Cis and trans Geometric Isomers tutorial

Cis and trans isomers may exist in two types of  molecules:

1) Cycloalkanes with substituents

2) Alkenes

1) Cis and Trans Isomers in cycloalkanes

Rotation around the bonds in a cyclic structure is limited. The formation of cis-trans isomers or geometric isomers, is a consequence of the absence of the free rotation. Geometric isomers are a type of stereoisomer.  The term "cis" is derived from Latin and means "on the same side."  The term "trans" is also derived from Latin and means "across from."

•The limited rotation of the carbon-carbon single bonds in cycloalkanes has an interesting side effect in that it allows for the existence of stereoisomers, molecules that:

•have the same molecular formula

•have the same atomic connections

•have a different 3-dimensional shape

•are interchanged only by breaking bonds

2) Cis and Trans Isomers in alkenes

 

In the case of 2-butene, there are two ways in which the hydrogen atoms can be arranged on the double-bonded carbons. Both hydrogens can be placed on the same side of the chain or they can be placed on opposite sides.


(Black dots are C atoms)

Since the chain cannot rotate about the double bond, one form has quite distinct properties from the other. For example, their melting points are thirty degrees apart, and chemists exploit this fact to separate one isomer from the other.

Call the form which has both hydrogens on the same side a cis isomer ("cis" rhymes with "miss"). The one with hydrogens on opposite sides is called a trans isomer ("trans" means "across"). Generally, cis and trans are written in italics or underlined in printing.

Thus, the names of the two isomers are cis-2-butene and trans-2-butene.

(Does 1-butene have cis and trans forms? Why?)

Notice that cis and trans isomers occur across a double bond only. They never occur across single bonds because single bonds can rotate freely.

Naming cis and trans Alkenes

The naming of alkenes is very similar to the naming of alkanes, with two exceptions.

In alkenes the double bonds take precedence over the substituted groups and the chain is numbered so that the double bonds have the lowest location numbers possible (left side of example).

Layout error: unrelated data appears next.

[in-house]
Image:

Always check double bonds to determine if the molecule is a cis isomer, trans isomer, or neither. For example, study the following two molecules.

                                                                Molecule A                                             Molecule B

Molecule A is neither a cis or a trans isomer because the hydrogen has the same relation to the CH3 groups no matter which side it is on. Molecule B is a trans isomer since the two hydrogens are clearly on opposite sides of the double bond.

Example 1:

Naming some structural formulas of alkenes.

There are five carbons in the longest chain, so the root name begins with "pent."

There is a carbon-to-carbon double bond, so this is an alkene and the name ends in "ene."

The carbons are numbered from right to left since the double bond is closest to the right end.

The double bond starts on carbon 1.

The name must contain a number to indicate the position of the double bond.

There are no cis or trans isomers since the double bond starts on carbon 1.

Answer: The name is 1-pentene.

Drawing Alkene Structures Given the Name

Drawing structures from a name is pretty much the opposite process of naming alkenes. One of the best ways to learn is by looking at some examples.

Example 1:

4-methyl-1-hexene

The "hex" in the name indicates that the longest carbon chain contains 6 carbons.

The "ene" ending indicates that the compound is an alkene and must contain a carbon-to-carbon double bond.

The "1" immediately preceding the hexene indicates the double bond starts on carbon 1.

There is a methyl (CH3) group on carbon 4.

The structural diagram is:

Note that the methyl group could also be pointed up and that there is no cis or trans isomer since the double bond is on carbon 1 and it holds two hydrogens. The structure can be flipped around left to right or top to bottom, and it is still the same molecule.

Note that this structure can be flipped around left to right.

Example 3:

trans-5-ethyl-3-heptene

The "hept" in the name indicates that the longest carbon chain contains 7 carbons.

The "ene" ending indicates that the compound is an alkene and must contain a carbon-to-carbon double bond.

The "3" immediately preceding the heptene indicates the double bond starts on carbon 3.

There is one ethyl group on carbon 5.

This is a trans isomer, so the hydrogens on the carbons involved in the double bond are on opposite sides of the molecule.

The structural diagram is:

Note that this structure can be flipped around left to right.